HomeStandard StyleBVS rises from ashes

BVS rises from ashes

By Kennedy Nyavaya

Mufakose-based arts organiser Tinei Notice Mazura, aka Boss Bingu (pictured right), has opened up about the painful period since his fledgling production house — Bingu Village Studios (BVS) — was gutted by fire last year, the subsequent emergence of the Covid-19 pandemic and pains of nurturing new talent in the country.

Early last year, Boss Bingu realised his dream of establishing BVS, but since then all has not been rosy for the passionate arts promoter.
In an interview with Standard Style recently, he recounted how a technical fault, last year in August, left him and various aspiring musicians counting losses as their projects went up in smoke.

“When the studio caught fire we tried all we could to save it, but we were not successful so we lost everything and it was devastating,” he said.
“Another thing that made me sad beyond the incident is that there are people who influenced people I had been working with then including our in-house producer to leave me during such a hard time.”

But, with the assistance of colleagues and well-wishers, BVS bounced back in February this year before the Covid-19 pandemic threatened to douse the new flame again.

“Things have been hard because most of the people we work with are ghetto youths and they do not have much so we reduced our prices to as low as a dollar for a session and sometimes we would record free to remain in the game,” said Boss Bingu, whose efforts to cope in the game have been supplemented by handouts of late.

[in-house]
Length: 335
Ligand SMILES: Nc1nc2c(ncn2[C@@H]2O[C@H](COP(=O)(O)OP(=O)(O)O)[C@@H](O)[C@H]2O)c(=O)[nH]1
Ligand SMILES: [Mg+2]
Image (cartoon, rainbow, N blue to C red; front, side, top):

A mechanic by profession, Boss Bingu insists that his work in the arts is driven by passion and the wish to see unknown artistes rise through to be recognised on a grand stage.

“I am working with underground artistes who wish to get to the stage of being called upcoming and those I have worked with so far are doing good,” he said.
“There is lots of talent in the ghetto, but this talent without resources is as good as nothing because it will not go anywhere so we as ghetto promoters we are struggling to give them a chance to record easily so they can be heard.”

Meanwhile, Boss Bingu — also known for promoting traditional dance troupes — said even if the relaxation of Covid-19 regulations has made their way of doing business easier, “there is need for more corporate financial support for our projects to be sustainable.”

Recent Posts

Stories you will enjoy

Recommended reading